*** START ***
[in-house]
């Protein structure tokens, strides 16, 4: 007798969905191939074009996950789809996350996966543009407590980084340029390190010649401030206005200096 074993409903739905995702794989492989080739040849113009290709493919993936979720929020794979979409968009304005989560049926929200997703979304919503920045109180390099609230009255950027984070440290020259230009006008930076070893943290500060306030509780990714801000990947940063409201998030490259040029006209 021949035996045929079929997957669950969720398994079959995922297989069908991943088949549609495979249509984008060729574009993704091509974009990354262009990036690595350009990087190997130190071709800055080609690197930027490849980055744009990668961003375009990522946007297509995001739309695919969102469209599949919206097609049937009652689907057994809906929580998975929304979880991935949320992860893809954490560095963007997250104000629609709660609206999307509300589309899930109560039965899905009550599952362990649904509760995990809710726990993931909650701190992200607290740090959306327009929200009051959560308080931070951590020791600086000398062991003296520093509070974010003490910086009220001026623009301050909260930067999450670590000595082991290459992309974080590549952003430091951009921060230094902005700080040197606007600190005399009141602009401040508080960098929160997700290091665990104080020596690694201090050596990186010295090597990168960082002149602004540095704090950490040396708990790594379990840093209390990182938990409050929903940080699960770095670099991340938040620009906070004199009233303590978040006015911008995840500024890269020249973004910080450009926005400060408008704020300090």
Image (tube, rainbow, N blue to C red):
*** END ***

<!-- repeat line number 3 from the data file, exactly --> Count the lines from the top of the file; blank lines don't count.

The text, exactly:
Image (tube, rainbow, N blue to C red):